Listeria – Deli Meat

As of November 30, 2020, a total of 11 people infected with the outbreak strain of Listeria monocytogenes have been reported from three states.

Listeria samples from ill people were collected from August 6, 2020, to October 30, 2020. Ill people range in age from 40 to 89 years, with a median age of 84 years, and 82% are female. All 11 ill people were hospitalized. One death has been reported from Florida.

Epidemiologic evidence shows that deli meat is a likely source of this outbreak.

State and local public health officials interviewed ill people about the foods they ate in the month before they became ill. Of the 10 people interviewed, all reported eating Italian-style deli meats, such as salami, mortadella, and prosciutto. They reported purchasing prepackaged deli meats and meats sliced at deli counters at various locations.

Investigators are working to identify a specific type of deli meat or a common supplier linked to the illnesses.

Listeria – Enoki Mushrooms

A total of 36 people infected with the outbreak strain of Listeria monocytogenes were reported from 17 states.

Listeria specimens from ill people were collected from November 23, 2016, to December 13, 2019. Ill people ranged in age from less than 1 to 96 years, with a median age of 67. Fifty-eight percent of ill people were female. Of 33 ill people with information available, 31 hospitalizations were reported. Four deaths were reported from California (2), Hawaii, and New Jersey. Six cases were pregnancy-associated, with two resulting in fetal loss.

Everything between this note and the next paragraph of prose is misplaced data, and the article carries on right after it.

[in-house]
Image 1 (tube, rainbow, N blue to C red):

Epidemiologic, traceback, and laboratory evidence showed that enoki mushrooms supplied by Green Co. LTD, located in the Republic of Korea, were the likely source of this outbreak.

In interviews, ill people answered questions about the foods they ate and other exposures in the month before they became ill. Twelve out of 22 (55%) reported eating mushrooms, including enoki, portobello, white, button, cremini, wood ear, maitake, and oyster.

FDA and state officials collected enoki mushrooms for testing. The Michigan Department of Agriculture and Rural Development collected enoki mushrooms from a grocery store where an ill person shopped and identified the outbreak strain in two samples. These mushrooms were labeled as “Product of Korea” and were distributed by Sun Hong Foods, Inc. On March 9, 2020, Sun Hong Foods, Inc. recalled enoki mushrooms. The California Department of Public Health collected enoki mushrooms from grocery stores and identified the outbreak strain in one sample. These mushrooms were labeled as “Product of Korea” and were distributed by Guan’s Mushroom Co. On March 23, 2020, Guan’s Mushroom Co. recalled enoki mushrooms. FDA collected samples of enoki mushrooms for testing at import from Green Co. LTD of the Republic of Korea. On April 6, 2020, results showed that two samples yielded the outbreak strain of Listeria monocytogenes. As a result, on April 7, 2020, FDA placed Green Co. LTD on Import Alert and H&C Foods Inc. recalled enoki mushrooms supplied by Green Co. LTD.